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‘Jungle trail’ is wild idea to help young patients

06 September 2017
Young patients at Cambridge University Hospitals (CUH) took a walk on the wild side today (Wednesday 06 September).

Pictured from left front, patient Maisie Goody, ACT's Shelly Thake and other guests and staff members who joined in the opening of the Jungle Trail

They were the first to explore a ‘Jungle Trail’, which has been built to encourage children to have fun in the fresh air with friends and families.

The honour of opening the trail was given to five-year-old Maisie Goody from Red Lodge, Suffolk, for the bravery she has shown over while being treated for a metabolic disorder.

The idea is for children to search for animal prints left throughout Diamond Jubilee Garden at Addenbrooke’s Hospital and the nearby Rosie Garden.

Children are given a purpose-made booklet and challenged to take rubbings of prints showing evidence of jolly giraffe, happy hippo, loveable lion, monkey, parrot, elephant, leopard, crocodile, snake and praying mantis.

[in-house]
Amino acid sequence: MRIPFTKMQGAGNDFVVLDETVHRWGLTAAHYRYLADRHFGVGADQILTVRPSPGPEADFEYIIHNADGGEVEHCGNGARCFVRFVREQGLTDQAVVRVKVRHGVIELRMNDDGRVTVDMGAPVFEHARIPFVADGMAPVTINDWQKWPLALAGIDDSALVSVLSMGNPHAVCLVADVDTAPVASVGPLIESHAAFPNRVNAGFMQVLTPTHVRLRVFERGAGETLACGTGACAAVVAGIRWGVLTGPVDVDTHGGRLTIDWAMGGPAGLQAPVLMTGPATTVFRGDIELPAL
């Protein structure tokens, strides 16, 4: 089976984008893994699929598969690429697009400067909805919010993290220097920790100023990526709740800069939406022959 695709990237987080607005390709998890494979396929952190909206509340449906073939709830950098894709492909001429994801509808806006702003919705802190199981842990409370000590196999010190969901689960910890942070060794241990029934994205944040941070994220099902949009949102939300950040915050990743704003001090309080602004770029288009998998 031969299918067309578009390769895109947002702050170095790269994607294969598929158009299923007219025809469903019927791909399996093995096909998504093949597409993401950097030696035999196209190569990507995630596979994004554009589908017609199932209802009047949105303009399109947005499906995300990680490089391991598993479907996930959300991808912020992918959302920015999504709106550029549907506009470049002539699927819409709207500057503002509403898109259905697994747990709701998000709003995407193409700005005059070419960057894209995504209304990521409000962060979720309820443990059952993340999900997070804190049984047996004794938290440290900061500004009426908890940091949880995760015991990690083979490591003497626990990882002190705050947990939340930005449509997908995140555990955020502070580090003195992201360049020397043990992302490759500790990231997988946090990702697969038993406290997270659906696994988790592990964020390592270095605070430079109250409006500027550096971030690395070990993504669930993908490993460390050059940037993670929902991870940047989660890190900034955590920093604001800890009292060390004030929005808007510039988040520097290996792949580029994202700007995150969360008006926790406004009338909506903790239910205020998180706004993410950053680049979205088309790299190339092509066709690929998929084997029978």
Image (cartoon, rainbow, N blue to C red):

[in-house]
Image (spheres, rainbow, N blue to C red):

The prints are attached to the top of short posts for the benefit of wheelchair users, and there is a range of other tasks to solve, such as drawing fossils and identifying animals carved in a bench.

A section on the booklet allows therapists to set patients challenges relevant to their condition, and any child who completes the whole trail can collect a certificate.

It is open to any child at the hospital but siblings and adult relatives are encouraged to join in, and bring a picnic if weather permits.

The trail, completed with the support of the Addenbrooke’s Charitable Trust (ACT) and the hospital’s media studio and estates and facilities department, was the brainchild of Speech and Language Therapist, Sophie Phillips, Occupational Therapist, Karen De Villiers, and Physiotherapist, Laura Jeffrey.

The Adam Rogers Therapy Team members were inspired after working with patients in the paediatric oncology department, some of whom spend long periods in bed or watching TV.

Sophie explained: “We know that spending weeks or months as an inpatient has a negative impact on children’s speech and language skills and motor development.

“We wanted to create the opportunity for families to spend some quality time together, at the same time as stimulating children’s language skills and getting them moving. 

“The Jungle Trail will have a real impact on the wellbeing of children and we are very grateful to ACTs supporters, whose donations enabled us to make our vision a reality.”

ACT’s interim chief executive, Shelly Thake, who joined the opening, added: “We are delighted that generous support from the public helped to make this project possible. It’s wonderful to see an immediate benefit to the patients. The Jungle Trail is a fun and exciting way to improve recovery for patients and enjoyment for their families. We’re so very grateful to everyone involved.”